Alt-Right Backstabbed by Trump’s Holocaust Remembrance Day Speech

Should we on the alt-right continue to support President Donald Trump in spite of his flip-flops, shifting positions, and odd behavior?

Consider hugely popular Tweeter Linda Suhler, Ph.D.:

It’s foolish to support any politician no matter what. It’s just as foolish to wish your guy to fail after only 100 days in office.

The middle ground is best. Support your guy, but make it clear to him that you want him to try to fulfill his campaign promises.

Imagine yourself as Donald Trump. Your enemies include John McCain, Lindsay Graham, Paul Ryan, and just about every Democrat. It has to be daunting to wake up every day with those enemies AND the press slashing away at you.

Words are cheap. Watch the Donald’s moves. Praising Jews doesn’t bother me much. Supporting the Jewish agenda does. I admit it’s not looking good, but the game has just started. Keep the faith a little while longer if you can.

So what are prominent alt-right figures saying about Trump these days, after initially supporting him?

Jewish Forward

White nationalists and the “alt-right” were dismayed by President Trump’s remarks at a Holocaust remembrance speech on Tuesday, seeing in the speech further evidence of a betrayal to their cause.

“You can never appease the Jews,” wrote Benjamin Garland at the neo-Nazi website the Daily Stormer. “Give them an inch and they want a mile. The only way to deal with them is to ignore them and/or tell them to shut their filthy mouths.”

Garland bemoaned what he saw as a turnaround for Trump. Months ago he was “a man who knew how the Jews operate and as a man with enough self-respect to not be publicly humiliated by them by bowing to their every whim and demand.”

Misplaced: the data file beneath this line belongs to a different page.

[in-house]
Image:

But Jews “have their ratlike claws deep in him now,” Garland wrote.

Former Ku Klux Klan head David Duke also railed against Trump in the hours after the speech and decried the fact that the Holocaust is remembered annually.

“Why is the so called Holocaust the only atrocity to receive its very own ‘Remembrance Proclamation’? Jewish privilege,” he wrote on twitter.

“Do you not have any power?” Duke went on, directing his message at Trump. “Why are you surrounding yourself with the enemies of the American people?”

Duke is no longer a member of the KKK but is seen as an elder figure in white supremacist or nationalist circles and has more than 30,000 Twitter followers. Not all white nationalists or members of the “alt-right” are as focused on so-called “Jewish supremacy” as Duke, who dedicates much of his Twitter feed to the theme.

Like the most anti-Semitic elements of the “alt-right,” Duke now sees Trump as a sort of Jewish puppet.

“Alt-right” figurehead Richard Spencer, who calls himself a white nationalist or an Identitarian had much more tempered criticism. Spencer, unlike some on the “alt-right,” is not a Holocaust denier and has even praised Zionism as a form of nationalism he admires.

“Did Trump crib his speech from a History Channel DVD? Sounds like it. Every ’90s Holocaust cliché was sounded,” Spencer wrote on Twitter.

For some, the Holocaust remembrance was seen as part of a broader trend — and tied to Trump’s recent strikes in Afghanistan and Syria, which they see as being spearheaded by Jared Kushner, Trump’s Jewish son-in-law, and his daughter Ivanka Trump. They also criticize Trump for choosing Gary Cohn, former president of Goldman Sachs, as an economic advisor.

On the blog Occidental Dissent, Brad Griffen, who runs the website and goes by the name Hunter Wallace, also wrote that Trump’s Holocaust remembrance was a betrayal.

“We voted for ‘Make America Great Again,’” he wrote. “We wanted an independent country. Instead, we got Jarvanka, Gary Cohn and a bunch of globalist neocons foaming at the mouth to start new wars.”